I am twelve years old standing in front of my grandfather’s bureau, a messy, change-cluttered wooden dresser topped with a three way mirror. Completely still, I assess myself from the farthest corners of my eyes. Perplexed, angry, and resolute, I tell my mother, “I am not wearing this.”
This is a navy blue sailor dress peppered with tiny gold anchors, its oversized white lapels converging just below my belly button at an axis of evil, a massive, floppy, soul-crushing white bow.
I look like Annie but less mature and more likely to burst into song.
I turn from the mirror, look at my mom, throw my hands into the air. I cannot wear this, I think, the sentence pounding in my brain, pulsing through my hands and arms and ears and toes. I cannot wear this. I cannot wear this. I cannot wear this.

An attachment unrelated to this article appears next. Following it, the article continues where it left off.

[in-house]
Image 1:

"It’s soooo cute," she practically purrs.
I think of the pink bunny suit in The Christmas Story.
"Exactly," I mutter.
I am twelve, not eleven, and in one rotation of the earth around the sun, I have finally amassed enough experience and wisdom to know that cute is the last thing I want to be.
I look at my mother like I’ve seen dogs dressed in tiny sweaters look at their owners, the humiliation pooling in my eyes, knowing she could make me wear it and hoping, praying she won’t.
We stare at one another for five hours. Or ten seconds. Whichever.
"Okay," she says, feigning frustration, "We’ll take it back."
She can’t hide the smile creeping across her face and at first I think she’s laughing at me, me in this ridiculous dress.
But later I decide she isn’t mocking me, not at all. I think she’s excited and nervous and happy and a little sad to have a twelve year old daughter and to return the very last sailor dress she’ll ever have need to buy.